Wednesday, June 15, 2011

Shark on the Air

I will be on Charlie Sykes show at 8:45 to discuss the Supreme Court's decision yesterday. I'll post something later.


Anonymous said...

The manner in which the majority rushed to assert original jurisdiction in this matter, ignoring the usual processes of appellate review, and spat out a hastily put together, poorly written decision, is as unseemly as the way in which the bill was passed by the conference committee.

George Mitchell said...

Rick's comments on Sykes directly address the reason why the Court needed to move as fast as it did. In short, had the court not moved quickly by default it would have validated Sumi's action and forced the Legislature to re-enact a law it already had enacted. A podcast of his interview will be available and is worth listening to.

George Mitchell said...

The Chief Justice's dissent is a reminder of how polluted the atmosphere within the Court has become under her long tenure. While Pat Lucey's legacy is substantial and largely positive, the appointment of Shirley Abrahamson has reshaped the judicial climate in a negative way.

Dad29 said...

The CJ's opinion also underlines Justice Prosser's restraint and self-control when describing her.

steveegg said...

Regarding publication/effectiveness, I didn't see anything in the order itself that addressed whether the act was published or in effect. It was only in the various dissents-in-part that claimed the majority did not see the act as published and in effect. Correct me if I'm wrong, but my non-legally-trained mind has the idea that nothing contained in either a concurrence or a dissent is legally binding in that case.

Indeed, the only mention of the Secretary of State's role in the process in the order itself that addresses Act 10 was that there is no longer any impediment to Doug La Follette to have the Wisconsin State Journal publish the post-publication notice required by section 14.38(10)(c).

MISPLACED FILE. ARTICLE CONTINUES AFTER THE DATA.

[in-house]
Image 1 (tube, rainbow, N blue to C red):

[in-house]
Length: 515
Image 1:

Justice Prosser, alone among the Justices, did briefly address parts of the designated date of publication issue in his concurrence, mentioning Secretary of State Doug La Follette's post-TRO attempted rescission of his designation of March 25 (though not the fact that he stated in the rescission the sole reason was the TRO), and the further amended order stating that Act 10 was not published and not in effect. He also did not mention that the Legislative Reference Bureau did publish the bill under section 35.095(3)(a) on March 25, the original designated date of publication and the last date possible under law.

Unless my search-engine-aided understanding of the the part of the Supreme Court order "that all orders and judgments of the Dane County Circuit Court in Case No. 2011CV1244 are vacated and declared to be void ab initio" is mistaken, the legal view of the two orders referenced by Prosser is that they never had legal effect.

Beyond the 10-working-day window La Follette had to designate a date of publication, he had at most one working day after depositing of an act to do so (see Sec. 14.38(10)(a)). Once that day, specifically March 14, passed, with La Follette declaring a date of publication (March 25), he had no statutory authority to further alter that. Given the claimed authority from the TRO was the sole legal reason for his attempt to rescind the previously-declared March 25 publication date on March 18, and that was rendered void ab initio, there is no legal basis for that attempted rescission.